Module 3: Assessment Matrix
Valencia K. Gorman
Grand Canyon University: SPE 536
April 8, 2012
Module 3: Assessment Matrix
Assessments are a vital tool that educators use to determine empirical strengthens and weaknesses of a student’s academic and behavioral ability to function. These assessments assist educators to plan and implement effective instruction that can facilitate deeper and higher student learning. It also helps educators to plan according to their students’ need and strengths on the academic content standard. The instruction is tailored upon their assessment results. There are varied forms of assessments that cater to the specific disability need of the student. As educators we have to fully understand the assessment process so we can reiterate the information about the student’s functioning ability to parents, educators, administrators, and other school personnel. Based on the information provide a plan will be devised to the type of services the child will receive. The type of assessment that is given will provide pertinent data that will guide the educator in providing effective lessons to assist in positive and progressive growth of the student. On a daily basis educators are utilizing assessments to assist in identifying what a student knows and does not know. It also helps educators in reteaching a skill, making accommodation, modifying a lesson to a level that a child will comprehend it better. Educators have to have knowledge of many types of assessment like informal, formal, summative, formative, criterion, and norm-referenced assessment. As a teacher become familiar with assessment they will be used in determining if a student requires further testing to identify a disability. In the field of Special Education assessment are used for the identification of a variety of disabilities with various age ranges. A special education teacher will need to have knowledge of what assessment will identify the disability, score reading, and the vailidity and reliability of the assessment that will be used. Types of Assessments Matrix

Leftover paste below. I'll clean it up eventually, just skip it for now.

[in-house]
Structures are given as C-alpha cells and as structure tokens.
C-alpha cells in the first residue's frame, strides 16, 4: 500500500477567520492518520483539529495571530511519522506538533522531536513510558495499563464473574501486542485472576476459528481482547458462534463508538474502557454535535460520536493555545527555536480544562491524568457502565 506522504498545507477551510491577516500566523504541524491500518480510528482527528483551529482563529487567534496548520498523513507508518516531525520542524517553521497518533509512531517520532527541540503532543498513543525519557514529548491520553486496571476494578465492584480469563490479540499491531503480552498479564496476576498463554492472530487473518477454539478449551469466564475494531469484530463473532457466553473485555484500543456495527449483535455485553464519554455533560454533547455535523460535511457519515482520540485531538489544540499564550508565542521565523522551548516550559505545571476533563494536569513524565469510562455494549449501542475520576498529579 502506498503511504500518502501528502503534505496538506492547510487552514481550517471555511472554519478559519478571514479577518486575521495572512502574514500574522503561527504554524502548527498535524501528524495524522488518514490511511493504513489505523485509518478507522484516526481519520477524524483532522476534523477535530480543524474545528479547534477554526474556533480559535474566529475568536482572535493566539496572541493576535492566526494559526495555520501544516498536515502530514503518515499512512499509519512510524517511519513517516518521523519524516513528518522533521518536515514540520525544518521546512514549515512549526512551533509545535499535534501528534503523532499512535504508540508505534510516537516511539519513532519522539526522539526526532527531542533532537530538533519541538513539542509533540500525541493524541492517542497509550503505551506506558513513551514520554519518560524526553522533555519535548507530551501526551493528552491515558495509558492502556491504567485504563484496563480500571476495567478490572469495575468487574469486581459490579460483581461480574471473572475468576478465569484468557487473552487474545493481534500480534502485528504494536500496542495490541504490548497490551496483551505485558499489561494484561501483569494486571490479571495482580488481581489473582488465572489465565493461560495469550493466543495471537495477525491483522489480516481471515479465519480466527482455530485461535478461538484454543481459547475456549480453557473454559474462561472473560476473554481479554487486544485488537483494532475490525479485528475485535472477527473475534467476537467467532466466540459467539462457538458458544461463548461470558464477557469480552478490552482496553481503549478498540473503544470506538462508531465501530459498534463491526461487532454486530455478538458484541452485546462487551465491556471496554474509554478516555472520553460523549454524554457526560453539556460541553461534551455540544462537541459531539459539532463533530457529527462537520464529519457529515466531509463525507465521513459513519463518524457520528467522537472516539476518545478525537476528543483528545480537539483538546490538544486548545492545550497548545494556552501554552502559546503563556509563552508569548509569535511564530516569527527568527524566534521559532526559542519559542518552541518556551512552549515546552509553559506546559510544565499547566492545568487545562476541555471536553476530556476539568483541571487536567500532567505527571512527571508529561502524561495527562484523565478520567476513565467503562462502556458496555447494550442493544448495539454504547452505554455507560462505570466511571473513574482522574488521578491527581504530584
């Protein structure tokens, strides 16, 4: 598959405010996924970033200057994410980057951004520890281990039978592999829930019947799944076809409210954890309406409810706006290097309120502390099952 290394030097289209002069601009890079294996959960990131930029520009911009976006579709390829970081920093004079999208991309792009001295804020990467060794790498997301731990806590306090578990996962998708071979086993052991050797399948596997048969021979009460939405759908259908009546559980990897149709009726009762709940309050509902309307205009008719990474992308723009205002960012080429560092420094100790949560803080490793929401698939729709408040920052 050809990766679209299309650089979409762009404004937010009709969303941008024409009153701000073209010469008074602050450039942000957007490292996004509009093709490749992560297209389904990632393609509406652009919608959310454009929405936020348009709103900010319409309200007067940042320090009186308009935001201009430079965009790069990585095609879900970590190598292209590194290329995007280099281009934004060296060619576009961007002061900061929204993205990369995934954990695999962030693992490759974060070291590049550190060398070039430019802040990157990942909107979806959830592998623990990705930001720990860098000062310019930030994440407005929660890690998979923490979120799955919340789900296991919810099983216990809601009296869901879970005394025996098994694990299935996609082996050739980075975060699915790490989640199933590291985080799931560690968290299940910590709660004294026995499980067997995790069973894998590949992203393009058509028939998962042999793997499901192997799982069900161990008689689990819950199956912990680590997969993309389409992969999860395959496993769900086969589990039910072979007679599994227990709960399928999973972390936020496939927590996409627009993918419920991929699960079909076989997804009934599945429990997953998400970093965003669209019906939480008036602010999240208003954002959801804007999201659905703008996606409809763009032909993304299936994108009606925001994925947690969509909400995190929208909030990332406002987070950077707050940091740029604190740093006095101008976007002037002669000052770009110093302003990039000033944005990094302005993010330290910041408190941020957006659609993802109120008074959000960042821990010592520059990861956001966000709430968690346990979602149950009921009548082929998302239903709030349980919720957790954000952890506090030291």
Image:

|Assessment Type |Characteristics |Reliability and |Scoring |Value and Limitations | | | |Validity | | | |Kaufman Assessment Battery|A standardized assessment tests |The KABC-II has a reliability |The scoring scales on the KABC each|It provides educational | |for Children |that assesses academic and |coefficient for core and supplementary|have a mean score of 100 and a |planning and placement based | | |cognitive development. |subtests demonstrate its reliability. |standard deviation of 15. |the mean or average score of | | |The ages range from 2 years to 12. |The median reliability for the 3-6 age|As with most measures of IQ, a |100 and a standard deviation of| | |It comprises of four components: |band is .85 (range .69-.92) and .87 |score of 100 is in the normal or |15. | | |Sequential Processing scale |(range .74-.93) for 7-18. |average range. |A score of 100 is in the | | |Simultaneous Processing scale |Retest reliabilities of the scale |A score of 85 is one standard |average range. | | |Achievement scale |score ranged from 0.72 to 0.94 where |deviation below the norm score of | | | |Mental processing composite |retest stability increasing with age. |100....